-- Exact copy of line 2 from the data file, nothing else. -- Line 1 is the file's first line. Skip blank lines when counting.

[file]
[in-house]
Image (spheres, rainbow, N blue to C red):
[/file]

Image (spheres, rainbow, N blue to C red):